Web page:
Suneel Dhand

INTERNAL MEDICINE

             

Suneel Dhand

Dr. Suneel Dhand is a physician, writer and independent healthcare experience and communication consultant. He is board-certified in internal medicine. Suneel was born in London and grew up in Berkshire, England. He went to medical school at Cardiff University and then moved across the pond, completing his internal medicine residency in Baltimore, Maryland. He is currently based in Massachusetts and does a mixture of inpatient and outpatient work.

Suneel’s clinical interests include improving healthcare communication, patient experience, and the intersection of technology with frontline clinical care. He regularly writes and speaks about these topics. As well as his duties as a frontline doctor (which he enjoys the most), Suneel has experience in the implementation of hospital IT systems and was the lead hospital physician for the successful implementation of a Computerized Physician Order Entry (CPOE) system in Worcester, Massachusetts. Suneel also has experience in a number of different healthcare environments and systems. In addition to practicing as a physician up and down the East coast, including in Florida, he previously worked in the United Kingdom’s National Health Service, and undertook an elective experience in Australia where he worked with the Royal Flying Doctor Service, flying on airborne missions to the Australian Outback.

Suneel holds a faculty position with Tufts University Medical School as an Assistant Professor of Clinical Medicine. He has authored numerous articles in clinical medicine that have been published in leading medical journals, covering a wide range of specialty areas. He has also authored chapters in the “5-Minute Clinical Consult” medical textbook. His other main area of interest is preventive medicine and wellness, and he is the author of two well-being books; High Percentage Wellness Steps, and the historical fiction book, Thomas Jefferson: Lessons from a Secret Buddha.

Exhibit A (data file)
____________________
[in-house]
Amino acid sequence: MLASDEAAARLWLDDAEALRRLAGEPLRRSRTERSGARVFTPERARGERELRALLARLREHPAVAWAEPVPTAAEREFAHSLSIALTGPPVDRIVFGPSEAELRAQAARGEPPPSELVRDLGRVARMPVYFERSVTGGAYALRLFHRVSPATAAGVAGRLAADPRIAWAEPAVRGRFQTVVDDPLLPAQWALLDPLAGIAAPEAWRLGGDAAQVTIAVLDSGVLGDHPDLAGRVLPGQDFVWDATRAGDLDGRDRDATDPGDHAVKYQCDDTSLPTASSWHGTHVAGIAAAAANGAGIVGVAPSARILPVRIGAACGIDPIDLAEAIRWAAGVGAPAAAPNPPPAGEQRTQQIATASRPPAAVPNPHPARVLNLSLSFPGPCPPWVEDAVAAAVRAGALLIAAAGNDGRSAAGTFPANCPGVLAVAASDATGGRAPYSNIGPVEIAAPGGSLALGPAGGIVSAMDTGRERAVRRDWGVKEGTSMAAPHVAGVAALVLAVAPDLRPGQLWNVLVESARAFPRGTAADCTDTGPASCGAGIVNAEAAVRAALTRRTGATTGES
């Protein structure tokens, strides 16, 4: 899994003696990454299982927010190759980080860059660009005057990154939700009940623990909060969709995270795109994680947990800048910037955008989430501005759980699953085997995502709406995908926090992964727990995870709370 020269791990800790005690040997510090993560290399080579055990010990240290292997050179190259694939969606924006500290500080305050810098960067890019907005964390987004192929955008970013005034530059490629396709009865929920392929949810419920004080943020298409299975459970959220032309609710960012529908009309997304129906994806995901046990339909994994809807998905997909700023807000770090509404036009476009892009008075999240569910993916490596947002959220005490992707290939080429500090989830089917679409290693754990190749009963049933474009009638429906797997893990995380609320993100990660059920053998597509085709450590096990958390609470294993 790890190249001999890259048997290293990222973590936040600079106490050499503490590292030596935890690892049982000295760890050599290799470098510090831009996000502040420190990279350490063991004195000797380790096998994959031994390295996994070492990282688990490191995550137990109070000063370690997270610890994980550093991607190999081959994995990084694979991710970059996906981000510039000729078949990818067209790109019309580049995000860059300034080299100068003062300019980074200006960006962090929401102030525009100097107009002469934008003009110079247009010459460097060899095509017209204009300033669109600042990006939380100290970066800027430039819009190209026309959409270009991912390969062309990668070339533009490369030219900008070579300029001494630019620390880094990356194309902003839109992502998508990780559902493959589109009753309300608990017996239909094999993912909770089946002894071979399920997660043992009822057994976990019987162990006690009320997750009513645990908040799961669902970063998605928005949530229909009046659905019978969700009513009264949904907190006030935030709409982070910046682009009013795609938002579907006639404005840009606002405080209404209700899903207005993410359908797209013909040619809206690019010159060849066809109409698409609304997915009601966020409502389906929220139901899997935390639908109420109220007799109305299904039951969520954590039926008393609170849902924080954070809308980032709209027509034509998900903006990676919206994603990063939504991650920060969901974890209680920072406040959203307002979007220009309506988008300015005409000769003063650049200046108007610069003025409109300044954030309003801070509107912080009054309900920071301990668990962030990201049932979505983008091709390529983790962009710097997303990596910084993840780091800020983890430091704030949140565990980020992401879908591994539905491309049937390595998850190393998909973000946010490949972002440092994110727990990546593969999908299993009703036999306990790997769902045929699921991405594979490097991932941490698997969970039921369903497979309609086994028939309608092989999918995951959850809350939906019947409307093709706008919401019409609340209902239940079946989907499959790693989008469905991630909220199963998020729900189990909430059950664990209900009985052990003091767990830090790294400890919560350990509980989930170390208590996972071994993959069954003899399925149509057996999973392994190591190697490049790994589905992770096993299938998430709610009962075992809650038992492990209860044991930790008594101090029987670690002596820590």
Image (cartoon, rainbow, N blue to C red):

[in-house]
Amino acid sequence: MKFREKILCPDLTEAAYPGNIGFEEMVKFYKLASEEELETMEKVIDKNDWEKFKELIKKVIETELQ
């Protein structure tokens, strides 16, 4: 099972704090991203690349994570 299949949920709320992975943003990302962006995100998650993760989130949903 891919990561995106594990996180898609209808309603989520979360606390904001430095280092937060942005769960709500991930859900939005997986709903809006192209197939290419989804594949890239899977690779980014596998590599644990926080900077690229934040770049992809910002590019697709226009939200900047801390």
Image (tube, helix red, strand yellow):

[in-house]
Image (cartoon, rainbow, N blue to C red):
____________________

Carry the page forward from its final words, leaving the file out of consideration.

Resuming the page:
When he is not working in the hospital or on healthcare-related projects, Suneel enjoys running, Lindy Hop swing dancing, traveling the world, and getting back to London as often as possible.

Publications

Cardiac Exam I: Inspection and Palpation

JoVE 10071

Source: Suneel Dhand, MD, Attending Physician, Internal Medicine, Beth Israel Deaconess Medical Center

The cardiac assessment is one of the core examinations performed by almost every physician whenever encountering a patient. Disorders of the cardiac system are among the most common reasons for hospital admission, with conditions ranging from myocardial infarction to congestive heart failure. Learning a complete and thorough cardiac examination is therefore crucial for any practicing physician.

If there is pathology in the heart or circulatory system, the consequences can also be manifested in other bodily areas, including the lungs, abdomen, and legs. Many physicians instinctively reach straight for their stethoscopes when performing cardiac exams. However, a large amount of information is gained before auscultation by going through the correct sequence of examination, starting with inspection and palpation.

 Physical Examinations I

Cardiac Exam II: Auscultation

JoVE 10124

Source: Suneel Dhand, MD, Attending Physician, Internal Medicine, Beth Israel Deaconess Medical Center

Proficiency in the use of a stethoscope to listen to heart sounds and the ability to differentiate between normal and abnormal heart sounds are essential skills for any physician. Correct placement of the stethoscope on the chest corresponds to the sound of cardiac valves closing. The heart has two main sounds: S1 and S2. The first heart sound (S1) occurs as the mitral and tricuspid valves (atrioventricular valves) close after blood enters the ventricles. This represents the start of systole. The second heart sound (S2) occurs when the aortic and pulmonary valves (semilunar valves) close after blood has left the ventricles to enter the systemic and pulmonary circulation systems at the end of systole. Traditionally, the sounds are known as a "lub-dub."

Auscultation of the heart is performed using both diaphragm and bell parts of the stethoscope chest piece. The diaphragm is most commonly used and is best for high-frequency sounds (such as S1 and S2) and murmurs of mitral regurgitation and aortic stenosis. The diaphragm should be pressed firmly against the chest wall. The bell best transmits low-frequency sounds (such as S3 and S4) and the murmur of mitral stenosis. The bell should be applied with a light pressure.